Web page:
Nov 25, 2015

Posted by in Empaths, Occult Studies | 0 Comments

The Reluctant Empath – Part II

English: Sheep reluctant to leave the shade

English: Sheep reluctant to leave the shade (Photo credit: Wikipedia)

In the beginning, I thought I was imagining things. I had only ever worked as a waitress before, so didn’t know what constituted “normal” behavior in an office setting. Slowly, though, I began to realize that this was not a typical situation. Even higher-ranking members of staff would tiptoe around her. I then wondered if, perhaps, she had suffered some sort of tragedy or loss, which would certainly account for what I was seeing. But no, there was nothing like that in her recent or distant past. So, why was she behaving this way, and why was the rest of the staff putting up with it? The answer was that she had convinced the boss that she was worth a great deal more than he was paying her, but that she was willing to stay on because she believed in the business. In addition to being excessively thrifty, the boss was also quite self-centered, and the fact that she managed to be passably pleasant in his presence allowed him to remain oblivious.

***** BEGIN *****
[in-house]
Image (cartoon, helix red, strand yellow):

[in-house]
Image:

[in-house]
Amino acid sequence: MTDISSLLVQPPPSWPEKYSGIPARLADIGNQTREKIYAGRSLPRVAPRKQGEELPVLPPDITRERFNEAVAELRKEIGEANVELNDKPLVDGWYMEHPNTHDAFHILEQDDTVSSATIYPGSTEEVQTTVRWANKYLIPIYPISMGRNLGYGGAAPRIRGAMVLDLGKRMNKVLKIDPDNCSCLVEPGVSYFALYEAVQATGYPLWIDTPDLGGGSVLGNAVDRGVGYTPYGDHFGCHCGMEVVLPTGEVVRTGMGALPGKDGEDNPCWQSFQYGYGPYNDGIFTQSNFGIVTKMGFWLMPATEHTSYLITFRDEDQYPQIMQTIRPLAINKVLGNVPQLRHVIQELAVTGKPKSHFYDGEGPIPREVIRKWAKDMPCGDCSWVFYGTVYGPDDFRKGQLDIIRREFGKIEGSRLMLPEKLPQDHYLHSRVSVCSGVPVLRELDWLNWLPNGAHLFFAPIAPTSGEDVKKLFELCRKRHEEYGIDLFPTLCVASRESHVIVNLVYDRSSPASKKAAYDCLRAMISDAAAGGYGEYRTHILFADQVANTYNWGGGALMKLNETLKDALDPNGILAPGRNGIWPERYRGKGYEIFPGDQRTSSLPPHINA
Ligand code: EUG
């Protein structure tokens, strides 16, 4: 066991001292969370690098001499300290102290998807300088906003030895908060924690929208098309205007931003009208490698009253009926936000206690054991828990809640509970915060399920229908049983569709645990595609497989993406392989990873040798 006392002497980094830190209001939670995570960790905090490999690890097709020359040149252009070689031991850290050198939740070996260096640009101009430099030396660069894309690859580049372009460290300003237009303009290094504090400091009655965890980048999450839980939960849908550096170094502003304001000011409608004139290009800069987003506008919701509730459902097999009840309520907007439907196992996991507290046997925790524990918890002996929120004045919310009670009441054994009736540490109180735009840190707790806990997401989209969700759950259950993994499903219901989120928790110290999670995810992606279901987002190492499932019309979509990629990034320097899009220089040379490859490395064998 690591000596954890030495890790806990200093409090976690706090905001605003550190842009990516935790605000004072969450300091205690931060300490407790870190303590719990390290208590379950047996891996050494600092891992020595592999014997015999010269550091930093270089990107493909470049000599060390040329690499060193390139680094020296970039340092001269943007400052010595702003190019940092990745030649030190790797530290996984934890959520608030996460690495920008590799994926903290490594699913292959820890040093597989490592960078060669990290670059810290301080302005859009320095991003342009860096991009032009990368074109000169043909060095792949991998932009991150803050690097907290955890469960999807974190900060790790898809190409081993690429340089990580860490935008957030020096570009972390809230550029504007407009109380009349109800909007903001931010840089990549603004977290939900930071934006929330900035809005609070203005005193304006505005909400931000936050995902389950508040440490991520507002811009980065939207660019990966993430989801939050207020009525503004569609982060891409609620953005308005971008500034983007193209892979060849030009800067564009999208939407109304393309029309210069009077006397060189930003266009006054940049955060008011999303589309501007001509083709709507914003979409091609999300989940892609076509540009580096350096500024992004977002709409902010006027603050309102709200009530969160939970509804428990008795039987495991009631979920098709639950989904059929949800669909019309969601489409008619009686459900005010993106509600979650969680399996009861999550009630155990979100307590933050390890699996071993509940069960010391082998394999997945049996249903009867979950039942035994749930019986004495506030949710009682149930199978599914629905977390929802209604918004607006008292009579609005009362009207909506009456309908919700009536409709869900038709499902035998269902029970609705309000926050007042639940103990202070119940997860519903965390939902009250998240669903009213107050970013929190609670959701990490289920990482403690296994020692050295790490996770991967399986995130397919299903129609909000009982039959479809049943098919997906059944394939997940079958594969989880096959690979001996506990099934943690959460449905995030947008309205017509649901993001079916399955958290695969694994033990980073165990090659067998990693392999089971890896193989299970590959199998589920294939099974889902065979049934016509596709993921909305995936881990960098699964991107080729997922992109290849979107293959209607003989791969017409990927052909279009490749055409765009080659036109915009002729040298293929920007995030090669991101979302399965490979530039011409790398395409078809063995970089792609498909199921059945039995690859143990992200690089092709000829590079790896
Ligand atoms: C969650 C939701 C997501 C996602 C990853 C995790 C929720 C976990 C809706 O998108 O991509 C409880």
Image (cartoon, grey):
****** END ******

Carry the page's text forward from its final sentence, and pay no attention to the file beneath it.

What puzzled, and worried, me most were my own reactions to the situation. In addition to the cold and the foam helmet sensations, my limbs would grow heavy whenever she was in the building. I would feel waves of anger, frustration, and sheer malevolence, completely unrelated to whatever I was doing at the time. While my co-workers were obviously peevish and uneasy around her, they seemed to recover adequately once she was back upstairs. I, on the other hand, would remain on edge until I was safely home. I thought maybe the stress of my job was wearing me down and making me overly sensitive, or overdramatic. Then she went on vacation.

I didn’t know she was going on vacation, but I knew something had changed the minute I walked into the building. It felt like the sun had come out after a bad storm. The front office was empty, yet had the air of a home right before a party. When I buzzed upstairs to let them know I was there, they all were so cheerful that I thought we must have received a grant or something. All that week, no matter what happened, things just rolled off us like water from a duck’s back. I was downright giddy. It was more than just shared happiness; it felt as though I was taking on their joy along with my own. Then she came back.

To be continued…

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